↑ comment by Jeffhe ·
2018-03-12T06:06:04.664Z · EA(p) · GW(p)
You write, "Agree with others that overusing the word 'utilitarianism' seems unnecessary and not strictly accurate (any moral view that included an idea of aggregation is probably sufficient, which is probably all of them to some degree)."
One thing I am sure about effective altruism is that it endorses helping the greater number, all other things being equal (by which I am here only concerned with the quality of pain being equal, for simplicity’s sake). So, for example, if $10 can be used to either save persons A and B each from some pain or C from a qualitatively identical pain, EA would say that it is morally better to save the two over the one.
Now, this in itself does not mean that effective altruism believes that it makes sense to
sum together certain people’s pain and to compare said sum to the sum of other people’s pain in such a way as to be able to say that one sum of pain is in some sense greater/equal to/lesser than the other, and
say that the morally best action is the one that results in the least sum of pain and the greatest sum of pleasure (which is more-or-less utilitarianism)
(Note that 2. assumes the intelligibility of 1.; see below)
The reason is because there are also non-aggregative ways to justify why it is better to save the greater number, at least when all other things are equal. For a survey of such ways, see "Saving Lives, Moral Theory, and the Claims of Individual" (Otsuka, 2006) However, I'm not aware that effective altruism why it's better to save the greater number, all else equal, via these non-aggregative ways. Likely, it is purposely silent on this issue. Ben Todd (in private correspondence) informed me that "effective altruism starts from the position that it's better to help the greater number, all else equal. Justifying that premise in the first place is in the realm of moral philosophy." If that’s indeed the case, we might say that all effective altruism says is that the morally better course of action is the one that helps more people, everything else being equal (e.g. when the suffering to each person involved in the choice situation is qualitative the same), and (presumably) also sometimes even when everything isnt equal (e.g. when the suffering to each person in the bigger group might be somewhat less painful than the suffering to each person in the smaller group).
Insofar as effective altruism isn’t in the business of justification, then perhaps moral theories shouldn’t be mentioned at all in a presentation about effective altruism. But inevitably people considering joining the movement are going to ask why is it better to save the greater number, all else equal (e.g. A and B instead of C), or even sometimes when all else aren’t equal (e.g. one million people each from a relatively minor pain instead of one other person from a relatively greater pain)? And I think effective altruists ask themselves that question too. The OP might have and thought utilitarianism offers the natural justification: it is better to save A and B instead of C (and the million instead of the one) because doing so results in the least sum of pain. So, utilitarianism clearly offers a justification (though one might question if it is an adequate justification). On the other hand, it is not clear to me at all how other moral theories propose to justify saving the greater number in these two kinds of choice situations. So it is not surprising that OP has associated utilitarianism with effective altruism. I am sympathetic.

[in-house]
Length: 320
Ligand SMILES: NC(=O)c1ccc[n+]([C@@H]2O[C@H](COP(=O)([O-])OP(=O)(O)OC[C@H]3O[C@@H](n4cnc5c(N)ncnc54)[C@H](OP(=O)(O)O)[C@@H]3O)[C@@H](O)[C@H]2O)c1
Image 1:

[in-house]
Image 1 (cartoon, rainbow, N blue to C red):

A bit more on utilitarianism:
Roughly speaking, according to utilitarianism (or the principle of utility), among all the actions we can undertake at any given moment, the right action (ie the action we ought to take) is the one that results in the least sum of pain and the greatest sum of pleasure.
To figure out which action is the right action among a range of possible actions, we are to, for each possible action, add up all its resulting pleasures and pains. We are then to compare the resulting state of affairs corresponding to each action to see which resulting state of affairs contains the least sum of pain and greatest sum of pleasure. For example, suppose you can either save one million people each from a relatively minor pain or one other person from a relatively greater pain, but not both. Then you are to add up all the minor pains that would result from saving the single person, and then add up all the major pains (in this case, just 1) that would result from saving the million people, and then compare the two states of affairs to see which contains the least sum of pain.
From this we can clearly see that utilitarianism assumes that it makes sense to aggregate distinct people's pains and to compare these sums in such a way as to be able to say, for example, that the sum of pain involved in a million people's minor pains is greater (in some sense) than one other person’s major pain. Of course, many philosophers have seriously questioned the intelligibility of that.